“Thank God,” I said.
Thinking back on the incident with the hind sight of so many years, I wonder if I really was entirely to blame for the accident. Maybe I should have defended myself. After all, the other woman must have been driving like a bat out of purgatory to get over the hill and in front of my car before I saw it. If she had not been speeding, she might have been able to control her car and not hit the phone pole, or at least the impact might not have broken the thing in half. But I am timid about sticking up for myself. Besides I have never regretted my hastily made decision. It has been a great relief to remove driving from my life.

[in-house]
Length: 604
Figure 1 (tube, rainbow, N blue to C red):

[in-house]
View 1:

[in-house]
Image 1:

That evening I went to a Unitarian church service where people get up, light candles and talk about joys and sorrows of their lives. I lit a candle and explained that due to my vision problems, I had caused an accident that day. I promised to surrender my driver’s license and never drive again. I said my only concern was that I might not be able to get as much done if I had to spend more time on the bus.
After the service a young woman came up to me and said she did not drive a car because she could not afford one. “But,” she said, “There are lots of things you can do on the bus. I don’t trim my toe nails on the bus,” she laughed, “But I have thought of it.” Me, I just read on the bus, observe the world, and relax. That is more fun than driving and not nearly so dangerous. .